With the 2018 FIFA World Cup coming to a close this weekend–third place on Saturday and the final on Sunday–people are already starting to look to the next World Cup in Qatar.
You know, that
soccer-rich culture crazy hot Middle Eastern country that surely has at least one soccer ball within its borders.
While I am not a fan of people immediately dismissing the moment for the future, there was news that broke today that was eye-opening. FIFA President Gianni Infantino (Swiss) confirmed that said World Cup in Qatar four years from now will be November 21-December 18. And in announcing the unorthodox schedule for a tournament meant to be played in June and July, Mr. Infantino added this remark.
“Leagues around the world have been informed already, and of course they will have to adapt.”
“…of course they will have to adapt” is quite the statement to make regarding a host country whose bid process was a bit shady, to say the least. The perception looked like a cash grab by FIFA and Qatar with accusations of corruption in the voting process.
Having traveled to Qatar years back, it’s a nice country and I’m glad I stayed the night, having taken in its burgeoning skyline. It’s sort of a mini Dubai–the new Dubai–to a restrained extent. But when other soccer-rich countries and cultures lost the bid for 2022, that seemed a bit odd.
And now the FIFA president has the gall to speak down to the world’s top soccer leagues–steeped in storied history and tradition, as well as world-class talent–to force them to adapt?
FIFA should have adapted to the traditional needs of the World Cup and its participating coaches and players in awarding the tournament for 2022. Particularly given the historical fallout via corruption charges waged against former FIFA President Sepp Blatter (Swiss) and Co. in 2015 and FIFA officials concerning the Qatar bid, FIFA has yet to earn back the benefit of the doubt in cases like the 2022 bid.
FYI – The road of redemption for FIFA will be long and weighed down in a myriad of heated debates. And it doesn’t help that this road for FIFA is being built to travel through Qatar in November and December.
P.S. Liquor is heavily restricted in Qatar. Well, at least soccer fans aren’t famously known for drinking an alcoholic beverage or two, in a stadium or a pub, when watching the beautiful game…
P.P.S. One unresolved issue still under review is whether the 2022 FIFA World Cup will include 48 teams. No, no and no. It may be time for a competitive marketplace of alternative governing bodies to emerge to challenge FIFA and its endless train of terrible, horrible, no good, very bad ideas as conducted by the Swiss. Perhaps it’s fitting this type of news broke on Friday the 13th.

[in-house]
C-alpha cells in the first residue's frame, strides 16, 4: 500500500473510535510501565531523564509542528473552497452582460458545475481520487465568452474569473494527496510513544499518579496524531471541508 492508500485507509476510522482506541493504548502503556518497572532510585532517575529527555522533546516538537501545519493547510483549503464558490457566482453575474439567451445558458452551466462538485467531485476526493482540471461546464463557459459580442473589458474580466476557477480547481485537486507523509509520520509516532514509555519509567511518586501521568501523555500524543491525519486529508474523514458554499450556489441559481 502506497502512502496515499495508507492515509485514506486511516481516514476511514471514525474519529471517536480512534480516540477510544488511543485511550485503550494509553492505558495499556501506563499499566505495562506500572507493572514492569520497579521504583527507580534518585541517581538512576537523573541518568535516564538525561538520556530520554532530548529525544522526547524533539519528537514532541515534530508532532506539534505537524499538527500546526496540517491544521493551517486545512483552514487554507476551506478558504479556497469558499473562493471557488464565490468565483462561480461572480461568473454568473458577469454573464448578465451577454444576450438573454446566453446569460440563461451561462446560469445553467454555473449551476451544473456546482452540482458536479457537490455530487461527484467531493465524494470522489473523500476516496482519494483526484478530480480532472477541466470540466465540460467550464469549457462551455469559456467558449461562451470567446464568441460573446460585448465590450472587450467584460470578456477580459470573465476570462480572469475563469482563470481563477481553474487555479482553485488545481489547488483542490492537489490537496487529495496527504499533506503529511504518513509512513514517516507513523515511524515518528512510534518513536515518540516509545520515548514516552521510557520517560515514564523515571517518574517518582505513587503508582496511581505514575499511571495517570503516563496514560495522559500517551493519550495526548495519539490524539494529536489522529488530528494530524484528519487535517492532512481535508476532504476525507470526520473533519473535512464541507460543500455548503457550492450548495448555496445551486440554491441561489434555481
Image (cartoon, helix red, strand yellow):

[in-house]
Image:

In the era when athletes and their BFF sports commentators promote every single shot, assist and human movement as the greatest feats the sport and world have ever seen, it seems
fitting essential to travel back in time to the ’90s for a reality check.
The year was 1999, the sponsor was this small upstart called Nike, the advertising agency was Wieden+Kennedy and the player was Michael Jordan. Yes, arguably the greatest basketball player ever.
For a star athlete to look at basketball, sports and life that way would be quite the leap these days.
Happy Throwback Thursday.
From Lake Erie to the Lakers of Los Angeles.
With LeBron James leaving the Cleveland Cavaliers for the second time–now to the LA Lakers for a small pile of gold coins worth $153.3 million over four years–that means a few things:
Cleveland fans are bummed yet again, LA Lakers fans are ecstatic and Keenan Thompson of SNL will keep making lots of ‘Weekend Update’ appearances as LaVar Ball with Lonzo Ball set to be a teammate of Mr. James.
Are you sure you made the right decision, LeBron? Have fun listening to the obnoxiously real and less funny LaVar Ball (not the hilarious Keenan Thompson featured below)…
Have a Better Week Than Last Week.
This is a peek into at what peak-Argentina can look like in the 2018 FIFA World Cup with its superstar Lionel Messi running on all cylinders.
(Click Play–“Watch this video on YouTube” because of FIFA TV stuff–return to Jimmy’s Daily Planet)
Lionel Messi’s Argentina pulled off a necessary 2-1 win against Nigeria today to advance out of Group D with top-finisher Croatia. While more impressive than its first two games, Argentina has a steep mountain to climb when they play tournament favorite France in the round of 16.
Will this same intensity continue for Messi and his teammates? Will France overwhelm an Argentinian squad that looks like it’s barely hanging on?
One thing’s for certain: France vs. Argentina will be a blockbuster match with stars everywhere.